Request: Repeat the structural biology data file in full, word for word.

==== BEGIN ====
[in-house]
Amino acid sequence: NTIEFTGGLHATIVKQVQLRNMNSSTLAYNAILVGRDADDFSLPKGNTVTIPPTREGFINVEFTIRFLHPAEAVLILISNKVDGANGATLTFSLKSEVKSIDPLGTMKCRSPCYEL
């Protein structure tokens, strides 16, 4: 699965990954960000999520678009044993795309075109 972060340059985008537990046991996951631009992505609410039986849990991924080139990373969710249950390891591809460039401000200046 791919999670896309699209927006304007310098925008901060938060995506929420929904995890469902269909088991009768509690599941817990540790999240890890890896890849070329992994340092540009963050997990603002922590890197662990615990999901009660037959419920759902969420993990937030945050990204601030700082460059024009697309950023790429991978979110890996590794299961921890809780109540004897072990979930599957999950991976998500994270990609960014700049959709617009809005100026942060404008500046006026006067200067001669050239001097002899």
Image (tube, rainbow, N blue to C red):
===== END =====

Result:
[in-house]
Amino acid sequence: NTIEFTGGLHATIVKQVQLRNMNSSTLAYNAILVGRDADDFSLPKGNTVTIPPTREGFINVEFTIRFLHPAEAVLILISNKVDGANGATLTFSLKSEVKSIDPLGTMKCRSPCYEL
């Protein structure tokens, strides 16, 4: 699965990954960000999520678009044993795309075109 972060340059985008537990046991996951631009992505609410039986849990991924080139990373969710249950390891591809460039401000200046 791919999670896309699209927006304007310098925008901060938060995506929420929904995890469902269909088991009768509690599941817990540790999240890890890896890849070329992994340092540009963050997990603002922590890197662990615990999901009660037959419920759902969420993990937030945050990204601030700082460059024009697309950023790429991978979110890996590794299961921890809780109540004897072990979930599957999950991976998500994270990609960014700049959709617009809005100026942060404008500046006026006067200067001669050239001097002899």
Image (tube, rainbow, N blue to C red):